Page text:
This leads into the third step in the process of growth ― if indeed it can be called a “step” because it is the point of it all ― the unreserved acquiescence to what we have come to understand ourselves to be in both our limitations and our potentials, talents and responsibilities. This step acknowledges that merely understanding what we are is no guarantee of success. There is always the possibility of resisting, rejecting, ignoring, avoiding, disdaining and even destroying ourselves. The social dimension, the global extent of our community of mutual support, is always the most vulnerable to selfishness ― individual or group. There is always the possibility of a regression back into childhood or pre-scientific myth; it is a prime example of the suppression of reality. Even after painting an accurate picture of what it means to belong to the global human community, the ultimate challenge remains: to embrace it lovingly, without disappointment, doubt, ambiguity or reserve. There are many who feel this is simply not possible. We are, they say, irremediably unreconciled to what we are; we would simply rather not be human the way humanness currently exists. Besides national, ethnic and religious conditioning accomplished so early in life that the individual cannot avoid being misshapen, they adduce the fact of universal death as proof of their claim. It’s difficult to undo childhood formation, and no one can accept death. An examination of this claim and the consequences of abandoning the quest for self-embrace because of it will be discussed in a later reflection.

I am using the word “embrace” in an effort to incorporate as much affectivity as possible into this final step. This is the defining mark of the mystical quest which is not satisfied with merely accepting life; it wants to love it. I am aware that the word can be taken in less than the sense of intense self-abandon and enthusiasm that I mean it to include. I want the word “embrace” to bear the emotional weight of the word “love” plus the sense of active personal engagement that makes love more than a passive self-pleasing experience and converts it into passionate commitment. Self-embrace is really intended to mean “falling in love with your life.”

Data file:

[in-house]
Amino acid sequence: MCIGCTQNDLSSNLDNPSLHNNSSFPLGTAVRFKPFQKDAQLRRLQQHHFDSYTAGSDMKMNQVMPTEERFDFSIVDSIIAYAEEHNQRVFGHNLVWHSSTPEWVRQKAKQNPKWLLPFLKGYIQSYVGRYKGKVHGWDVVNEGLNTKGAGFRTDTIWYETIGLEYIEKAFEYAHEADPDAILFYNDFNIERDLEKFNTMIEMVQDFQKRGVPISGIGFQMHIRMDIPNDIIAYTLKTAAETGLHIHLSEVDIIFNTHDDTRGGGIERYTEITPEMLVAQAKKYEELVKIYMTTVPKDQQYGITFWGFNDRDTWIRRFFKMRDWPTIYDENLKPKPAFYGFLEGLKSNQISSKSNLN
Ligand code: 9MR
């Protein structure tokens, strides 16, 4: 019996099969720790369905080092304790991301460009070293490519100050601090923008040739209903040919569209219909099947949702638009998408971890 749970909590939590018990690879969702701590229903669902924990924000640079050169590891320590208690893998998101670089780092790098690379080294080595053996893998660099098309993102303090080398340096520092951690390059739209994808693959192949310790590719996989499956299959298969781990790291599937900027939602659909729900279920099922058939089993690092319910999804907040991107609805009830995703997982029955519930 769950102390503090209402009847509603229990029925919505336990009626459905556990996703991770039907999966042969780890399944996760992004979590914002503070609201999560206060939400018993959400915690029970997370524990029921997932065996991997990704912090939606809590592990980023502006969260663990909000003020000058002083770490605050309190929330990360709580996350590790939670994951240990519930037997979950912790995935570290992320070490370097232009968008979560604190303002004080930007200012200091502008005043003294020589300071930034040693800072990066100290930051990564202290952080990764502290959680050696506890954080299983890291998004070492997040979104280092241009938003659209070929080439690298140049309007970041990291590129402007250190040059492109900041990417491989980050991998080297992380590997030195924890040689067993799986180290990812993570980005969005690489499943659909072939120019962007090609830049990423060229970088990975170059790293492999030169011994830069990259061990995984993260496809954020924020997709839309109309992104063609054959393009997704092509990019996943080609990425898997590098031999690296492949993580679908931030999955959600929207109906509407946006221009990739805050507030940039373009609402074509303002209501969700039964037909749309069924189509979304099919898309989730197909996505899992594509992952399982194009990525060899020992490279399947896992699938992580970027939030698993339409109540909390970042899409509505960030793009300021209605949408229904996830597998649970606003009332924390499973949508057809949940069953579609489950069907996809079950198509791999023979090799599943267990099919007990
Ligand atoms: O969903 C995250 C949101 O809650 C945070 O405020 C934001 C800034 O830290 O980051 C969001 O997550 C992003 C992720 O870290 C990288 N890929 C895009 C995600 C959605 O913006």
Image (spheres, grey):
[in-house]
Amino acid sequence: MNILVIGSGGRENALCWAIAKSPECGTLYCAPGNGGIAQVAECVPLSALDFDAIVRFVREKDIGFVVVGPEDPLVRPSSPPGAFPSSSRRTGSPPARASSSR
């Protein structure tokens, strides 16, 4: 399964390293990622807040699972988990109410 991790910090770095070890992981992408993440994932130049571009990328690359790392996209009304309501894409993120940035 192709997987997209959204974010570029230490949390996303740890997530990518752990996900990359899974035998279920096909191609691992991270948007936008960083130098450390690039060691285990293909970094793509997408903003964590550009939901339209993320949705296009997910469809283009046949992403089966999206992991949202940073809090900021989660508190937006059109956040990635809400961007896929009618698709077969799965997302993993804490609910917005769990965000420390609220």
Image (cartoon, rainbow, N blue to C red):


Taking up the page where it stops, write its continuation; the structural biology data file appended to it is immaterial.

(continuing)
Hence, the nuptial imagery of western mysticism. As a poetic metaphor for the loving self-embrace of the mystics, it is quite appropriate. Betrothal and marriage evoke the affective dimension that is the proper component of authentic self-embrace. But notice, it is metaphorical. I am not talking about being “married to God” but rather loving myself and the humankind into which I was born and through which I survive. But I not only love myself as I am programmed to do by the conatus of my organism, for if I am to achieve anything like the enthusiastic self-accep­tance that I see in the in the myriads of organisms ― plant, animal, insect, fish ― that surround me on this planet, who all live in a state of total joy, I have to do more than just passively “accept” myself or tolerate my life. I must fall in love with myself as I have been made and, as is so poignantly expressed in the marriage vow, “abandon all other” imaginary ways of being. I have to fall madly in love with being human as I am with all the moral and social burden that comes with it. This is the goal of mysticism: not a mental escape but a total joy that puts me in sync with all the other forms of living organism evolved by matter’s energy.

This “fidelity” which requires “forsaking” anything other than what I really am, means “letting go” of any and all imaginary constructs ― selfish fantasies of escape ― that do not correspond to what is possible to and demanded by my humanity. My body bears forward in me the direction and intensity of the extroverted existential energy released at the birth of our universe. Matter’s energy comes to me in a highly evolved form. Material energy that comprises my organism is not a tabula rasa. It is already spoken for. It is an unquenchable energy focused on being-here that, in the pursuit of ever greater expansion has molted first into living and then into reflexive self-con­scious form. That is not a revealed truth but an undeniable fact drawn from 14 billion years of observed behavior and demonstrated direction. Material energy is committed to universal availability ― the work of limitless abundance. My body is composed of this existentially committed energy.